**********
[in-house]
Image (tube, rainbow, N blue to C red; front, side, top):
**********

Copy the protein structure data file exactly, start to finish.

[in-house]
Image (tube, rainbow, N blue to C red; front, side, top):